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Definitive Challenges

Jason Cairns

2022-10-11

The development of the project is defined principally by the challenges faced, each introducing their attendant constraints. Defining challenges in turn are formed through the tension held by the requirements, as well as specific technical challenges.

From the very outset, the problem statement held within its own predication certain competing elements. Most notably, this included the tradeoff between useability and functionality. While these two facets often form a symbiotic relationship, with increasing useability positively influencing greater functionality, in many cases they are mutually exclusive, as shown by some of the packages reviewed in the previous chapter. The problem statement was a bold response to many other systems that choose one factor at the total expense of the other; as an example, and to generalise, Sparklyr and SNOW are highly useable. This largely results from a simple model that can be retained without too much difficulty by users. However, they lack certain functionality that many other packages provide alongside their concomitant complexity (equally concomitant: a lack of users) – examples include rmpi and pbdR. The simple system model is not the only aspect that aids useability, and in most cases the reality is far more complex at the level of implementation details, as both Sparklyr and SNOW attest to. The specific API provided by the package has a gatekeeping effect on useability – a good API seems to disappear when used, whereas a poor API renders the usability of a package null. Combined, a clear model and a quality API render a high level of useability. Sparklyr and SNOW both achieve this. Sparklyr takes advantage of the dplyr interface which has been demonstrated as a quality API for many users. It adds only the minimal additional functions required to support the Spark model, with the majority of functions made use of by the developer being methods written for the Spark dataframe using the dplyr generics. SNOW delivers usability in its API by way of limiting the set of possible operations. Rather than providing an operation for every potentiality desired by an end-user, SNOW has limited its offering to a minimal spanning set of operations, with the user then creating the categorical connection between the SNOW functions. This is a step back in terms of API ease-of-use relative to Sparklyr, but it does match the operating model better. On the other end of the scale, rmpi and pbdR boast enormous API’s, with exceptionally complex operating models, along with greater functionality, such as development of arbitrary iterative models. Such is the context for the main competing elements inherent to the problem statement – these elements to be carefully straddled by the largescaler framework.

The most obvious difference between the example packages is in the capacity to control individual node intercommunication. Sparklyr and SNOW have no means of individual node control. Operations occur cluster-wide and via pre-defined means. Conversely, rmpi and pbdR allow for node-specific operations. The challenge rendered by the tension in the problem statement is therefore further elucidated: allowing for a simple operational system model, as well as a clean interface, on top of a functionality that extends to individual node control. None such package reviewed in the preceding chapter marries these together successfully, the failings elucidated element-wise.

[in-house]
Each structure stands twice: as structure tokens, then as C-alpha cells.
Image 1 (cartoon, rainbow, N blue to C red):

These concepts represent a fundamental difference in understanding between developers of the packages as well, with two major camps reflecting an imperative and functional approach to programming problems. The camp referred to informally as “functional” places a greater emphasis within the API on commanding the system what needs to be done. Conversely, the API’s from the “imperative” group focuses on telling the system how to do whatever needs to be done. While the imperative approach may aid in efficiency in many cases, for most jobs the end-user simply wants to deliver high-level instructions and have the system work the details out for them.

The tension between these two concepts fractally grows as the technical components of their solution are traversed. Such a traversal forms a significant piece of work within this project, and the numerous prototypes that were developed will be referenced as their definitive challenges that each overcame and created are described.

The challenges to be considered include:

  1. Object System
  2. Communication
  3. Concurrency
  4. Evaluation
  5. Mutability
  6. Garbage Collection

They will be discussed briefly here, then in more detail over the subsections below.

Overall, the central challenges considered are remarkably similar to those facing the design of computer languages. This is somewhat surprising, given that the design of a computer language was not part of the problem statement. However, the initial impression of the paradox is resolved in the fact that an API was a core piece of the problem; the API, the highest level of abstraction, in turn determining all other components of the problem statement. Most of the basic issues facing big data computation have solutions that are well-enough established now, so this is not the central problem being solved. The work involved in enabling big data computation was putting the solutions together in a streamlined manner. The direction of this work was defined by the API, which was the most novel of all work done. As such, while there were technical challenges relating to the distributed system, which will be discussed as encountered in the relevant sections, the overarching, definitive challenges, were traced out by the design of the API.